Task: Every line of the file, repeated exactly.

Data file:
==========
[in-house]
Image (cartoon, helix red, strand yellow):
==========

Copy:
[in-house]
Image (cartoon, helix red, strand yellow):